Hooking the reader can be done in all sorts of ways. Maybe there’s something really compelling about your character. Does he/she have a unique voice? A weird perspective on the world that immediately clashes with our own? If you’re from a more literary bent, then the language itself could be the hook. Read some Patrick Rothfuss and right off the bat you’re hooked by the sheer beauty of language.
Quick note: Not everybody can pull off this sort of opening. Nine times out of ten I’d say people fail because they come off as flowery and pompous. You don’t want to be that guy, so tread carefully.
Inevitably, whether you have a compelling character or beautiful language, the beginning comes down to the hook. The reason why the reader should invest their time in your story.
Most books do this with a question. Will Mary figure out who put the Butcher’s head in her freezer? Will she figure out whether or not she thinks it’s kind of sweet and romantic or a little too forward and a bit creepy?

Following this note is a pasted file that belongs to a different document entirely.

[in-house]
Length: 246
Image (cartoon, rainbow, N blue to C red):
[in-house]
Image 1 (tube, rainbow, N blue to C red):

Most books get put down because the reader is bored. They aren’t compelled forward; they aren’t hooked. If that happens, you have nobody to blame but yourself.
2) Establish Bond With Lead Character
Right off the bat we want to know who’s skin we’re going to be living inside for the next couple hundred pages. Introduce us to your lead character and then make us feel something for her. Do it quick, you’ve only got a hundred or so words to really grab me and yank me in. Don’t waste time.
Refer to the post Cheating Your Way to Likable Characters for ways to establish this bond. Here’s a quick list for you lazy SOB’s out there.
Don’t know what any of that means? Too bad, go read that other post.
3) Present the Story-world
This doesn’t mean info-dump or take a paragraph to describe the skyline and the underlying political system governing your little world. In the beginning every word counts double, so figure out ways to introduce the story-world without taking a step sideways to draw attention to the fact that you’re introducing us to the story-world.
I’ve done other post on exposition and infodumping (CLICK HERE and I’ll prove it), but here’s the nitty gritty to help you navigate the treacherous waters of your beginning.